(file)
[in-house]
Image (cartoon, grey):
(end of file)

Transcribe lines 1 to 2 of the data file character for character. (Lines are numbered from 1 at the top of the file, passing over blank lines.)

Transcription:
[in-house]
Image (cartoon, grey):